At a meeting last night the Cambridge Civic Association (CCA) outlined its plan to regain the majority of city council and school committee seats.
About 100 members of the of the progressive political organization attended the group's annual meeting at the Central Square branch of the Cambridge Public Library to discuss the CCA's goals for the coming year.
"We wanted to have a mission that tells what we're all about--and fits on a bumper sticker," CCA leader Nancy Woods said in a presentation.
Woods outlined four CCA goals for the 1997 election.
According to Woods, the CCA will work to improve city government, elect progressive officials, increase turnout of CCA-supporting voters and increase CCA membership from its current roster of 300 to a total of 1000 members.
Woods added that the CCA will campaign to add one CCA member to both the City Council and the School Committee, as well as to reelect the seven current CCA-endorsed members.
CCA President Geneva T. Malenfant said that the CCA has not chosen specific independent councillors as "targets" for replacement. The independent councillors organized into the Alliance for Progress in 1993.
One more CCA-endorsed councillor would most likely return a CCA candidate to the mayor's seat in 1997. This year, with the council divided between four Alliance member and four CCA members, Alliance member Sheila T. Russell was elected as mayor.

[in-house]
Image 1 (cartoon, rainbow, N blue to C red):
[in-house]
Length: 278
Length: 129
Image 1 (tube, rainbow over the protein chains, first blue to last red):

"It was a big disappointment," Malenfant said.
Malenfant added that the Alliance relied mostly on lifetime Cambridge residents for support, and that she expected the Alliance's voter base to shrink as new people enter the city.
"It's my opinion that the independents'--the Alliance's--voter base is stagnant," she said.
According to Malenfant, the CCA will focus on three main issues for the coming year: the city budget, education and housing.
Most important will be educa- In the spirit of the CCA's educational focus, the meeting featured a panel discussion titled "Improving Educational Performance in At-Risk Students." Panelists, including Graduate School of Education Professor Lowry Hemphill, agreed that parental involvement and high expectations are two keys to improving student performance
In the spirit of the CCA's educational focus, the meeting featured a panel discussion titled "Improving Educational Performance in At-Risk Students."
Panelists, including Graduate School of Education Professor Lowry Hemphill, agreed that parental involvement and high expectations are two keys to improving student performance
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